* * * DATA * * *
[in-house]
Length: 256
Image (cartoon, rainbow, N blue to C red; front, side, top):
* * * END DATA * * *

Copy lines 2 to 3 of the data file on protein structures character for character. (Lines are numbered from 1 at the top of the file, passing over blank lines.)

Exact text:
Length: 256
Image (cartoon, rainbow, N blue to C red; front, side, top):